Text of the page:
Celebrate Your Social Media Successes, but Don't Forget that Community Trust is the Key

Posted on July 21st 2014

Celebrate Your Social Media Successes, but Don't Forget that Community Trust is the Key
 
In June Baltimore Police Department hit a milestone on Twitter, reaching 50,000 followers.
 
In celebration of this, they released the following video, reflecting the department's achievement and thanking the community for helping them make Baltimore's streets safer.




It is an awesome video and I totally support and respect organisations celebrating like this. It's important for staff to recognise when their organisation has done well and share in the success, and it can be a powerful way of connecting an organisation with its community.

This type of approach is also a great way to show that an organisation is composed of real people, who are simply performing a role when they don their uniforms. it humanises the staff and can bridge gaps between faceless bureaucracies and corporations and their constituents and customers.

Unfortunately this isn't where the story ends.

Several Baltimore Police officers have been charged with various offenses related to animal cruelty or inappropriate behaviour over the last few years, becoming the subject of significant media attention.

A local newspaper created a response to the Police Department's video using the same music (different lyrics) illustrating a number of these incidents, to paint a different picture of the Baltimore Police and, they said, as a courteous reminder for the Police Department to clean up their own act.


While this second video has only received 10% of the views of the Police video so far (it has been live for about half the time), it is a telling reminder for organisations of the importance of building and maintaining positive community relationships.

If the public are well disposed towards your organisation, they will (largely) support you on social channels. If your organisation has taken actions, or has been portrayed to have taken actions, that place it in a negative light, you will face a greater level of negativity when engaging with the public on social media.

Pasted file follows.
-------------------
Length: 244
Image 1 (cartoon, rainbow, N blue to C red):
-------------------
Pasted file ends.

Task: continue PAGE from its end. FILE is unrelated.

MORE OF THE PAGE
This crosses channels, however is often most immediately visible on social channels due to their speed and reach. Ultimately a bad impression will reflect on how the public engages with your staff via other means - on the phone, in correspondence and in person - making it harder for staff to perform their roles.

Of course, it may take only one disgruntled, sarcastic or delusional individual to create and distribute material like the video above, and may not be reflective of broader community views. However how far this material will spread and how fair a representation it is seen to be depends on the pre-existing negative or positive views of your organisation.

A good reputation will have your community come out in support, a bad reputation will see the material distributed far and wide with support.

Social media isn't just a reflection of the world - it is part of the world. How your organisation conducts itself on social channels can significantly shape community views - creating a positive or negative impression.

So don't take this parody video as a reason to not celebrate your successes or shutdown your social accounts. Instead use them as ways to effectively engage with your community, helping solve problems and participating respectfully and humanly to build and maintain good relationships with the people you serve.

Photo Credit: Community and Trust/shutterstock

CraigThomler

Craig Thomler

Having worked in the online industry since 1995, Craig is a veteran of the Australian start-up sector and an experienced online communicator. Now working in the public sector, Craig's focus is on assisting public enterprises to effectively use the web to engage, collaborate and unleash their data to add value and improve Australian governance. Craig was awarded the Gov 2.0 individual Innovator award from the Australian Gov 2.0 Taskforce in 2009 and voted one of the international Top 10 changing the world of internet and politics in 2010. He regularly speaks at and organises events addressing the strategy and practice of Gov 2.0 and shares his personal thoughts through the eGovAU blog (http://egovau.blogspot.com).
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